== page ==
- Juice from 1/2 a lime
- pinch of salt
Combine all ingredients in a small bowl and mix.
For the Salmon
- 1-2 lbs wild salmon filets
- Juice from 1/2 a lime
- 2-3 Tablespoons light mayonaise
- Salt and pepper
Preheat broiler. Sprinkle lime juice over the salmon. Spread mayonaise over the filet using the back of a spoon. Sprinkle with salt and pepper. Place salmon on a broiling pan lined with tin foil, and broil for about 10 minutes, until cooked through. To serve, cut into smaller filets, top with mango salsa, and serve over couscous or rice pilaf.
Source: A Spice Is Nice Original
This meal has been John’s favorite for a long time. That’s right, I said John’s favorite – Despite the fact that it has a weird looking buckwheat noodle, and is just about as far from a hamburger as you can get, John still loves this dinner. If that isn’t reason enough to make it, I really like it too. The first time I made it, I remember thinking, I have no idea how this is going to be – little did I know it would turn into a house favorite! I’m not usually a huge fan of ultra-healthy “hippie” food (no offense to the hippies out there), and soba noodles for some reason had that ultra-healthy sound to them. Take quinoa, for example. I know its uber healthy but every time I make it, I’m slightly disappointed. I still keep trying, but I usually end of thinking, “This recipe would’ve been better without the quinoa”, and then the leftovers sit in the fridge, untouched. This meal is not like that, at all. The soba noodles really add depth and a slight nuttiness to the meal. I made this once with spaghetti instead (because I didn’t have any soba noodles), and while it’s still good, it lacks the uniqueness and dimension that the soba noodles bring. So that’s my rant about soba noodles. You can find them in the Asian section of most grocery stores (I got mine at Kroger).
While this meal isn’t the quickest and easiest meal in my repertoire, it’s also not that involved, especially if you have the chicken left over or cooked in advance. I usually end up boiling the chicken because it’s the fastest way I know, but when summer comes, I’m going to marinate the chicken in some lime juice, and then grill it because I I think the grill marks on the chicken would be pretty in this salad. Oh and about that word – salad. I didn’t really know what to call this. It’s not really a salad – it doesn’t involve any lettuce and is more like spaghetti texture, but it’s a salad in the fact that you can eat it cold if you’d like. I actually prefer it refrigerated, but John likes to heat his up – so it’s just personal preference. I think this would be a great “salad” for a picnic lunch though (can you tell I have summer on the mind :-))!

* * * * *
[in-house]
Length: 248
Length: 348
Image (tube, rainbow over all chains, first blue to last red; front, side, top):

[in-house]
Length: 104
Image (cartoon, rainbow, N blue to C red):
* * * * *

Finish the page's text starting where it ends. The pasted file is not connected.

Peanut, Chicken & Soba Noodle Salad
Makes about 6 Servings
For the Sauce:
- 1/2 cup natural creamy peanut butter*
- 1/3 cup warm water
- 2 T. honey
- 3 T. soy sauce
- 2 T. ginger, peeled and grated
- 2 garlic cloves, minced
- 1/2 teaspoon crushed red pepper (or more if you like it spicy)
Stir all ingredients together until somewhat smooth. If sauce is still to thick, add another 1-2 T. of water, but also remember that the cooked soba noodles will likely add some liquid to the sauce.
*I like natural peanut butter here because I think it gives a stronger peanut flavor.
For the Salad
- 1 package (~10.58 oz) Soba noodles
- 5 carrots
- 5 celery stalks
- 3 green onion
- 2 large chicken breasts
- Sliced limes and Chopped peanuts for garnish (optional)
1. Begin by cooking the chicken – I usually simmer chicken in a pot of water at medium for 15 minutes. You can also wrap in foil and roast in the oven at 450° for 15 minutes, or marinate in lime juice for an hour, and grill. (Lime, and citrus in general, helps to keep chicken tender). Shred or chop the chicken into bite-size pieces.
2. Prep the Veggies. Peel the carrots, and slice very thin or shave with the peeler. (I got a julienne peeler at TJ Maxx, and it works great for this). Wash the celery, and slice on a diagonal to create large slices. Slice the green onions.
4. Assemble. If you want to serve the meal warm, quickly toss the sauce, soba noodles, chicken, and about 3/4 of the vegetables together in a large bowl and top with remaining vegetables to serve. If you want to serve the meal cold, rinse the soba noodles under cold water, toss with the sauce, chicken and 3/4 of the vegetables, and refrigerate for 10-20 minutes. Then top with the remaining vegetables before serving. A final sprinkling of lime juice and peanuts gives a lot of extra flavor to this meal.